With the issue of background fluorescence solved, Raman spectroscopic analysis has become an analytical method of choice in an extremely wide range of biological applications. Some of the more obscure applications of this technique include everything from determining the molecular structure of the skin of a 5200 year old frozen man to the analysis and authentication of foods such as olive oil and Japanese sake [20-22]. One of the more significant applications has been in pharmaceutical research and development, where Raman spectroscopy has been applied in duties ranging from shelf-life assessment and drug formula characterization to non-invasive pharmacokinetic analysis [9,23,24].
Of even greater consequence, perhaps, has been Raman spectroscopy's contribution to detailed cellular analysis. Modern techniques have allowed for the Raman spectroscopic analysis of cells in vivo without the need of fixatives, thereby providing extremely detailed analysis of cells in their natural state . Such analytical potential has been put to good use in not only completing spectral maps but also monitoring the changes over time of numerous varieties of cells, including bacteria and many eukaryotes [25,26]. For example, Raman spectroscopy has been applied to everything from studying lipid droplet and other particulate levels in human cells to finding lignin radicals in plant cell walls and monitoring bacterial levels in drinking water [27-29]. Additionally, as is shown in table 1, the necessary steps and time required in sample preparation is much less in Raman spectroscopy than with other analytical methods.
Of particular interest has been the application of Raman spectroscopy in medicine. The technique's ability to provide detailed images of cells has allowed for the comparative analysis between numerous healthy tissues and their diseased states. Such analytical potential has been especially suited in the diagnosis of numerous cancers, including: intestinal, stomach, laryngeal, brain, breast, mouth, skin, and others [30-37]. Other applications of Raman spectroscopy outside of cancer have included bone quality assessment for improved estimates of the risk of fracture, corneal hydration gradient analysis, rapid identification of bacterial and fungal infection, and even antibiotic susceptibility testing [23,38-43].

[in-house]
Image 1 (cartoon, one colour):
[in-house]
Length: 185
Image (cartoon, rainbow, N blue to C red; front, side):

Recently, Raman spectroscopy has been coupled with modern fiber optic technology to accurately measure tissue spectra in vivo without the need of biopsy. This method employs a small fiber optic probe that both has the capability to reach less assessable organs and only requires less than two seconds to collect spectra . As such, it is very useful for determining the spectra of cells in their most natural state, and therefore ensures more accurate results. This method has been successfully used in the detection of atherosclerosis and cervical cancers, among other diseases [45,46]. Use of higher, near UV wavelengths has solved the initial problems this technology experienced with fluorescent interference .
The use of Raman spectroscopy in differential medicine is not limited to tissues and cells; it also has applications in virology. The technique has been put to good use in determining the structures and stereochemistry of both the protein and nucleic acid components of viruses, even going so far as to being able to distinguish between different types of right-handed DNA alpha-helixes [48-53]. Raman spectroscopy has also been used to help better characterize the conformational changes that occur leading to viral procapsid and capsid assembly [54-56]. As such, Raman spectroscopy holds the potential to distinguish between even the most similar viruses, thereby increasing its possible role even further in diagnostic medicine.
Limits of Raman spectroscopy
The analytical capabilities of Raman spectroscopy are limited by its inability to manipulate, and therefore thoroughly analyze the biological molecules under study without making physical contact. This limitation has been resolved by coupling Raman spectroscopy with a technology called optical tweezers. The new method, termed Raman tweezers, uses optical tweezers to manipulate a sample without contact with it so that it remains unchanged for Raman spectroscopic analysis.